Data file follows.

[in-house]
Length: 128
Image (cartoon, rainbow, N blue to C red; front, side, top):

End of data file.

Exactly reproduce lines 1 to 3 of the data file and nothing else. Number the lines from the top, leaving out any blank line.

[in-house]
Length: 128
Image (cartoon, rainbow, N blue to C red; front, side, top):